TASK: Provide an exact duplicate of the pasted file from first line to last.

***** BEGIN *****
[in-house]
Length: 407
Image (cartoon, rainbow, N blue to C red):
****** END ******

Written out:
[in-house]
Length: 407
Image (cartoon, rainbow, N blue to C red):